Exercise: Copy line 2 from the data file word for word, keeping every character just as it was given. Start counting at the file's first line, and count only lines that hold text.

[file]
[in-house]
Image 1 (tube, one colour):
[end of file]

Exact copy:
Image 1 (tube, one colour):